There have been hints of this before from various studies over the years, but new research has confirmed that the number of people being diagnosed with dementia is dropping, despite experts warning over two decades ago that as we live longer, the rate should actually increase. Published in Nature Communications, this latest study goes some way to show that the condition can actually be prevented, and is not as inevitable as many used to think. Yet the researchers still warn about becoming complacent, because despite the decline seen, over 200,000 people a year are still being diagnosed with the condition.
The study began when the researchers interviewed, and then followed up two years later, 5,156 participants over 65 in the early 1990s, and then using the same questions, interviewed and followed up 5,288 people between 2008 and 2013. The same methodology allowed for direct comparisons between the two studies, and found that the rate of new dementia cases in the U.K. fell dramatically over the two decades, from 20.1 cases in 1,000 during the 1990s, to 17.7 20 years later.
The impressive drop in incidence of 20 percent is actually mostly attributed to the rate of the condition in men between the ages of 70 to 74 dropping from 12.9 in every 1,000 to 8.7, and even more impressively over halving in those men above the age of 80. While the researchers in this study didn’t look at what might be driving this decrease, it’s been suggested that it is probably related to better education, a reduction in smoking, greater brain health, and just people leading generally healthier lifestyles. In women, the picture from the study is a little more confused.
While for those women in the 80 to 84 age group actually showed a slight increase in rates of dementia over the 20-year time span, all other groups did show a decrease, but nothing near the rates seen with men. Some propose that this could be due to the fact that the rate in women has already been reduced as far as it can by changes in lifestyle alone, and that they have simply reached a plateau, while others are now asking if there is another factor at play bolstering the number of dementia cases in women.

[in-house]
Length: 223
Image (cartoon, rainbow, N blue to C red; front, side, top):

“There have been a number of studies suggesting that the rate of dementia in the elderly is dropping although the number of elderly is increasing,” explains John Hardy, Professor of Neuroscience at University College, London, who was not involved with the study. “This study is the most convincing of such studies and seems to show that this improvement over the last 20 years is restricted to men. An important and difficult question is what is behind this improvement: if we knew that we could perhaps improve more and help reduce the incidence in women too.”
Yet people should not get complacent by this news, as there are still scores of people who will have to live with this condition. “However, people are living for longer and with other risk factors such as diabetes and obesity on the rise, there will still be over 200,000 new cases of dementia each year,” warns Dr. James Pickett, the Head of Research at the Alzheimer’s Society. “That’s still an enormous number of people who require better information and health and social care support.”